Letter from the Foundation
Celebrating Momentum, Looking Ahead
When we launched the Frontier Set in 2015, there was no existing place where leaders from high-performing, high-potential institutions could come together to share and improve together. At the Bill & Melinda Gates Foundation, we were learning about what individual institutions were doing to improve student success on their respective campuses, but we wondered what would happen if they came together to collaborate. So we set out to see if a network of diverse colleges and universities, state systems, and supporting organizations, all committed to equitable student success, could show us how they are transforming to improve the student experience—and, in doing so, raise the bar for what’s possible.
It has never been clearer than it is today that transformation is not a “nice to do”; it’s a “ must do.” Amid a global pandemic and renewed, resounding calls for racial justice, colleges and universities have an unprecedented opportunity and responsibility to accelerate their transformation and better deliver on their promise for Black, Latino, and Indigenous students and students from low-income backgrounds.
Over the past five years, the Frontier Set has helped us better understand what institutional transformation is, what it looks like on different campuses, and what it takes to realign institutions’ structures, cultures, and business models to create a student experience that results in dramatic and equitable increases in outcomes and educational value.
Throughout the content on this site, we highlight progress we’ve made in understanding transformation that accelerates equitable student success, and lessons our Frontier Set institutions, systems, and partners have learned, all with the hope that it might serve as examples and inspiration for the field.
There’s plenty to celebrate:
Most Frontier Set sites increased the number of degrees conferred over the course of the initiative, and some have made significant progress toward eliminating outcome disparities by race, ethnicity, and income while maintaining access—proving that it can indeed be done!
Some Frontier Set sites have demonstrated improvements in their ability to implement whole-institution redesign with students at the center. They’ve strengthened key operating capacities such as leadership, institutional research, information technology, and strategic finance, and leveraged the power of structures such as silo-breaking, cross-functional student success teams and routines such as robust continuous improvement processes.
Despite COVID-19 disruptions, all Frontier Set sites were resilient, able to pivot operations quickly without compromising their commitment to equitable student success by building on pre-existing equity-based values and student-centered cultures.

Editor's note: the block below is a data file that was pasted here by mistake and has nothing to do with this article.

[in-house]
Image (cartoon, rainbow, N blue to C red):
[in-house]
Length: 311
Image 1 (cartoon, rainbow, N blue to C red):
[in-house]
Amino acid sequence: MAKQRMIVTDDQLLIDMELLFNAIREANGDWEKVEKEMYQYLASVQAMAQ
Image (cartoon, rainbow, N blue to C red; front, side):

There’s also plenty to reflect on:
Thanks to our deepened understanding of the commitment and action needed for colleges and universities to transform and be truly student-centered and equity-focused:
A strong foundation makes a difference
2020 taught us that integrating a student-centered culture with innovative solutions that facilitate equitable student access and success, plus key operating capacities, enabled colleges and universities to respond with decisive action and make the most of a very difficult situation. It’s clear that anchoring an institution’s transformation journey in continuous improvement increases capacity to address unexpected challenges and to adopt innovations more seamlessly.
There’s more beyond the surface
A culture of evidence and inquiry is more than just disaggregating administrative data by student race, ethnicity, and income. It’s about looking at students holistically—combining summary numbers with nuanced student stories—and then actually using those data to reform racist policies and practices that have gone unaddressed for too long.
Institutional transformation is a team effort
People make up institutions, and an institution’s commitment to equitable student success comes from all employees on campus working together and rowing in the same direction. It takes leadership across all levels of the institution—administrators, faculty, and staff—to turn a student-centered vision into reality. We've also learned the importance of investing in people; for far too long, the field has underinvested in human capital to drive and sustain change.
Transformation is not a one-and-done
While we are proud of the progress Frontier Set sites have made, we know that progress can be stalled or threatened. Enrollment, retention, and completion challenges—especially for Black, Latino, and Indigenous students and students from low-income backgrounds—will persist unless we continually realign our institutional structures, cultures, and business models toward equitable student success.
The work continues
Finally, we recognize that the work of equitable student success—and our resolve to support the field in fully realizing it—must continue in the months and years ahead.
The past year caused us to reflect on the original purpose of the Frontier Set: to bring institutions that are transforming for equitable student success together, to form a cohesive network of peers to accelerate their respective work and contribute critical learning to each other and the field. What we found is that they could indeed do this, even while weathering the challenges brought about by the pandemic and renewed calls to dismantle structural racism in higher education.
In short, our Frontier Set partners created for themselves and each other greater capacity to address the next crisis, and the next one after that—all while keeping equitable student success at the center of what they do.
Thanks to their commitment, hard work to demonstrate what is possible, and willingness to learn in public, we have momentum on which to build.
DEPUTY DIRECTOR, INSTITUTIONAL TRANSFORMATION